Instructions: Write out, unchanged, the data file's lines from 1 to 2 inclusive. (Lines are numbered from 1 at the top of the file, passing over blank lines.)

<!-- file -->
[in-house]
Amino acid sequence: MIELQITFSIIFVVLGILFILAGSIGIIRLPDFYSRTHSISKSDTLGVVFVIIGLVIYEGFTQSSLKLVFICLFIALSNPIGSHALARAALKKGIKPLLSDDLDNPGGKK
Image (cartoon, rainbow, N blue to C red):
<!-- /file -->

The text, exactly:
[in-house]
Amino acid sequence: MIELQITFSIIFVVLGILFILAGSIGIIRLPDFYSRTHSISKSDTLGVVFVIIGLVIYEGFTQSSLKLVFICLFIALSNPIGSHALARAALKKGIKPLLSDDLDNPGGKK